Brussels, Belgium, September 11, 2017 – The European Bank for Reconstruction and Development (EBRD) has commissioned an independent report on the development of the Balkan Silk Road.
China’s “Belt and Road Initiative”, launched by President Xi Jinping in 2013, is a Eurasian grand strategy that seeks to expand and secure maritime routes and land infrastructure networks from China connecting Asia, Africa and Europe.
Also known as ‘One Belt, One Road’, it presents a range of opportunities as well as challenges for the countries involved. The blueprint includes a mosaic of trade deals, energy cooperation and financing agreements taking China westwards. The aim is to establish China’s political economy on a global scale.
Seen from a European perspective, Chinese forms of soft power are already on display along what has come to be known as the Balkan Silk Road, a Belt and Road Initiative route running from Beijing to Athens and connecting with Belgrade, Sarajevo, Skopje, Budapest, Tirana and other capitals.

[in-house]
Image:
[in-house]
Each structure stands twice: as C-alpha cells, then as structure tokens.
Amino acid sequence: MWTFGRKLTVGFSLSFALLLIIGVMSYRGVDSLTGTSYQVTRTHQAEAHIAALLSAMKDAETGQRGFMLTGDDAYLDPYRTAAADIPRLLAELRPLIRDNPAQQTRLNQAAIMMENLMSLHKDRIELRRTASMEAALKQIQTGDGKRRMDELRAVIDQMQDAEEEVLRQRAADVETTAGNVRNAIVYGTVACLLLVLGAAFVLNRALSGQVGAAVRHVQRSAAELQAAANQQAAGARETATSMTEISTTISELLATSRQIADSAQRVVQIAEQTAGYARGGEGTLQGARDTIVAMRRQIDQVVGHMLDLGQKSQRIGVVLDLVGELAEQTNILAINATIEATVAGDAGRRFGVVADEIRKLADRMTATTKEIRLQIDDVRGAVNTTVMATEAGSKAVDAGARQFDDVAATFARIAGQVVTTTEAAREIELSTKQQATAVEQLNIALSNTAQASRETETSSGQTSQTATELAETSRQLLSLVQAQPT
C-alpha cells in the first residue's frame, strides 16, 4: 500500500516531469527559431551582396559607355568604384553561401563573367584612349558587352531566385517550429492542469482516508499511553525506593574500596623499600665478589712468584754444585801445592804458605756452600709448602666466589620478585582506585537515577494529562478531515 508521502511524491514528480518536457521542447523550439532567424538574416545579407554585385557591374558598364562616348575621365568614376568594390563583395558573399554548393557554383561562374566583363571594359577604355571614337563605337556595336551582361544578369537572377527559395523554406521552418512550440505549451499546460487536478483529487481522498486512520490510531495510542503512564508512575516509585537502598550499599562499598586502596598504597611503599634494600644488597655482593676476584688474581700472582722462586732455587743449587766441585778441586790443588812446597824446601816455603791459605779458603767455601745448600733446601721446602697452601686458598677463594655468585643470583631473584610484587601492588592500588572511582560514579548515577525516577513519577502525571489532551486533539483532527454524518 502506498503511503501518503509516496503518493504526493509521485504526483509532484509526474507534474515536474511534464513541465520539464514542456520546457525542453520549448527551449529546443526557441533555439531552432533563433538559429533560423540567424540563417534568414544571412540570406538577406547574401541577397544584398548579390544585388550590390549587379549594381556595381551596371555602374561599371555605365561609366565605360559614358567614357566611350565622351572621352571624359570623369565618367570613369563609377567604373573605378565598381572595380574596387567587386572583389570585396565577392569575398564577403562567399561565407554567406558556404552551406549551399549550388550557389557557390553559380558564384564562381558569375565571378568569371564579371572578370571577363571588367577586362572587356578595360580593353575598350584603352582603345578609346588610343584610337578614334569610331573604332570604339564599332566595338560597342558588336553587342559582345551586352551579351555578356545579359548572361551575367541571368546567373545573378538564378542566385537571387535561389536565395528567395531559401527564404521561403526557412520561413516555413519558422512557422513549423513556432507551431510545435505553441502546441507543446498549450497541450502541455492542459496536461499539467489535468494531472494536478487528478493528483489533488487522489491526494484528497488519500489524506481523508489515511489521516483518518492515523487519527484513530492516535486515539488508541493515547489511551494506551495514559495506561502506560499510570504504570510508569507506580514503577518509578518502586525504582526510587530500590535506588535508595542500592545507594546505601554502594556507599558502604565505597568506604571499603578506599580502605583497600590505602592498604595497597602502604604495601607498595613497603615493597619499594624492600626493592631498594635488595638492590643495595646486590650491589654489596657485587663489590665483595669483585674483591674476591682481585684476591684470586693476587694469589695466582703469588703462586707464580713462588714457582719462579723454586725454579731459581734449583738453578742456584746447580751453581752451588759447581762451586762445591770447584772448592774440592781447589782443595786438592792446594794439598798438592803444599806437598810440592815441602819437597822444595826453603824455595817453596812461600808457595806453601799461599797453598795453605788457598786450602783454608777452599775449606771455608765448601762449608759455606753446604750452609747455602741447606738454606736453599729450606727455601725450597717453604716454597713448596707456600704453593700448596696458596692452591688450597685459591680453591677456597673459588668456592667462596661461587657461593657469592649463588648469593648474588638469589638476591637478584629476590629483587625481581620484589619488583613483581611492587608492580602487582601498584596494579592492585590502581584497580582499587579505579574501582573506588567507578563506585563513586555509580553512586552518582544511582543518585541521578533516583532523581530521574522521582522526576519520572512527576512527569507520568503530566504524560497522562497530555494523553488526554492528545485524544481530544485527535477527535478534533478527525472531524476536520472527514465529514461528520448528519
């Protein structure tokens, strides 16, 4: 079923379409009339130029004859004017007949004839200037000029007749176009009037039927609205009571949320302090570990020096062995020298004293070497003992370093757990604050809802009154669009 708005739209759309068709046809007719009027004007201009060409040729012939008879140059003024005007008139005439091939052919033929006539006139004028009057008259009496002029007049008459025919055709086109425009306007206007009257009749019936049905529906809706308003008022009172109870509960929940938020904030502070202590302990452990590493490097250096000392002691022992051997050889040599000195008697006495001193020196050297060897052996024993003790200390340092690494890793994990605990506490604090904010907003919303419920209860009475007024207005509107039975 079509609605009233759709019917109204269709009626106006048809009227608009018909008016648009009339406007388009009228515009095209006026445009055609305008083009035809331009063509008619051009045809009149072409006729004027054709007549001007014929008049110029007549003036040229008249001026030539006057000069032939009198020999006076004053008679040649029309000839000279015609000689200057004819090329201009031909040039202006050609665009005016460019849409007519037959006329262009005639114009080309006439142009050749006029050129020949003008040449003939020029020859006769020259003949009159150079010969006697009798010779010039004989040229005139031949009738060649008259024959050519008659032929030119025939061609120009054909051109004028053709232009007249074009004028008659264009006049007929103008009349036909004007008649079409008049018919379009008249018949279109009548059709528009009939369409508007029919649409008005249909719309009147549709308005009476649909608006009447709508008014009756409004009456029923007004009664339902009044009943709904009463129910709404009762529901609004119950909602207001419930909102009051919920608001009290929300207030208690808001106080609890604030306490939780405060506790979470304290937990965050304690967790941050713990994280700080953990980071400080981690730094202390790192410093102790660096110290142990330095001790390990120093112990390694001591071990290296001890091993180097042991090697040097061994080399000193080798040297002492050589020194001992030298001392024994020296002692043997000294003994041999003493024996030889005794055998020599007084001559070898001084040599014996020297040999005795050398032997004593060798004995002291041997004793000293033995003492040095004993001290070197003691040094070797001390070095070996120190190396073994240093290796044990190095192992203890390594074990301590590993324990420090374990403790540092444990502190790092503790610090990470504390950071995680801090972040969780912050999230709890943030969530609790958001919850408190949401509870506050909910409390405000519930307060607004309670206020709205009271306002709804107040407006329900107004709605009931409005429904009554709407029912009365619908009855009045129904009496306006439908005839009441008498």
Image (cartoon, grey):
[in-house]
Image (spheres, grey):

This south-east European region has been at the heart of the EBRD’s activities for the past quarter-century. The EBRD is already engaging with Chinese companies and authorities along the Balkan Silk Road, as tenders now being awarded focus minds on the need to carefully weigh up the opportunities and challenges brought by the emergence of a major new player in the region.
As part of this process, the EBRD has commissioned an independent report on the development of the Balkan Silk Road.
Written by Jens Bastian, former chief economist of the European Agency for Reconstruction and member of the EU Task Force for Greece, and funded from the Central European Initiative, the report will be launched on Thursday, 14 September at the Office of the European Parliament in Athens in an event organised by the Hellenic Foundation for European and Foreign Policy (ELIAMEP).